When you care enough to send the very best box sets and art.
For all those Bada Bing lovers whose lives haven’t been the same since the poignant strains of “Don’t Stop Believin’” abruptly terminated one of the greatest television experiences of all time: Welcome to “The Sopranos: The Complete Series” ($254.99). You might have to pull off a heist to pay for this collector’s edition, which features 33 discs’ worth of whacking and yakking, shrinks and finks, along with all kinds of choice extras, like an interview with series creator David Chase conducted by Alec Baldwin, dinner chat with the show’s stars, a collection of show spoofs and several soundtrack CDs. Or just spring for a Bada Bing hoodie ($44.95).
Over the last decade, the indie distributor Rialto Pictures has repeatedly done what long seemed impossible — bringing a significant American audience out of the house to see lovingly restored new prints of world-cinema classics and discoveries. Rialto turned Jean-Pierre Melville’s moody French Resistance drama “Army of Shadows,” never previously released in the United States, into a coast-to-coast hit and brought us definitive versions of oft-butchered foreign fare ranging from Bresson’s “Au Hasard Balthazar” to Godard’s “Band of Outsiders” to Ishiro Honda’s original Japanese version of “Godzilla” (with Raymond Burr excised). My only complaint about Criterion’s new “10 Years of Rialto Pictures” set ($129.99) is that it doesn’t include 20 or 30 films instead of 10. (For copyright reasons, such prominent Rialto releases as Gillo Pontecorvo’s “The Battle of Algiers,” Godard’s “Contempt” and Fellini’s “Nights of Cabiria” are regrettably absent.) Still, what is here, in uniformly glorious DVD transfers, makes this an absolutely, positively must-have from Buñuel’s “Discreet Charm of the Bourgeoisie” to John Schlesinger’s unjustly neglected British New Wave classic “Billy Liar” to Alfredo Lattuada’s rediscovered black comedy “Mafioso” to Hollywood exile Jules Dassin’s heist classic “Rififi.”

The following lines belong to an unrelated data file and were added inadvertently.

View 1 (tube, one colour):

For the adventurous art lover, a subscription to the Thing ($140 for a year) is just the thing. A quarterly magazine (though not a magazine by any typical definition), “The Thing” commissions a variety of artists and writers to merge text and object. Previous editions have included a window shade silk-screened with words by Miranda July, and a doorstop by artist Anne Walsh. The upcoming cycle will feature projects by writer Jonathan Lethem and artist Ryan Gander. Prefer to buy a single artwork? The proceeds from limited-edition photos and prints by Fred Tomaselli ($300), Mary Ellen Mark ($700) or Holly Andres ($600) go to AIDS research.
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Lisa Montgomery embraces her nephew Thursday after a tornado tore apart her home in Cleburne, Texas. The twister killed six people and destroyed entire swaths of the North Texas town.
Credit: AP/LM Otero
Jack McMahon, the defense attorney for abortion doctor Kermit Gosnell, speaks outside the Criminal Justice Center in Philadelphia Tuesday. His client was convicted of killing three babies in his clinic, and will serve multiple life sentences.
Credit: AP/Matt Rourke
A photo taken Monday captures Vice President Joe Biden's response to a Milwaukee second-grader's innovative proposal to end America's epidemic of gun violence. This guy!
Credit: AP/Jenny Aicher
Sen. Rand Paul, R-Ky., flanked by a grouper-eyed Michele Bachmann, addresses the IRS' admission that it targeted Tea Party groups in advance of the 2012 election. In an op-ed for CNN Thursday, the Kentucky senator slammed the president for his faux outrage.
Credit: AP/Molly Riley
Ousted IRS chief Steven Miller is sworn in on Capitol Hill Friday. Miller testified before the House Ways and Means Committee on the extra scrutiny the agency gave conservative groups applying for tax-exempt status.
Credit: AP/J. Scott Applewhite
Attorney General Eric Holder pauses as he testifies on Capitol Hill before the House Judiciary Committee Wednesday. Holder is under fire, among other things, for the Justice Department's gathering of phone records at the Associated Press.
Credit: AP/Carolyn Kaster
O.J. Simpson sits during an evidentiary hearing at Clark County District Court in Las Vegas, Nev., Thursday. Simpson, who is currently serving a nine-to-33-year sentence in state prison for armed robbery and kidnapping, is using a writ of habeas corpus to seek a new trial.
Credit: AP/Las Vegas Review-Journal/Jeff Scheid
Major Tom to ground control: On Sunday astronaut Chris Hadfield recorded the first music video from space, a cover of David Bowie's "Space Oddity."
Credit: AP/NASA/Chris Hadfield
When it rains it pours. President Barack Obama speaks during a news conference Thursday with Turkish Prime Minister Recep Tayyip Erdogan, inexplicably inspiring an #umbrellagate Twitter meme.
Credit: AP/Jacquelyn Martin
A smoke plume rises high above a road block at the intersection of County A and Ross Road east of Solon Springs, Wis., Tuesday. No injuries were reported, but the the wildfire caused evacuations across northwestern Wisconsin.
Credit: AP/The Duluth News-Tribune/Clint Austin
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